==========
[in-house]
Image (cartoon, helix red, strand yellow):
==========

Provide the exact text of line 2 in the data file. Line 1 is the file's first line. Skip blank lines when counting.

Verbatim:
Image (cartoon, helix red, strand yellow):